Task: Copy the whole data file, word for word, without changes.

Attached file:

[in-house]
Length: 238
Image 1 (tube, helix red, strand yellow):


[in-house]
Length: 238
Image 1 (tube, helix red, strand yellow):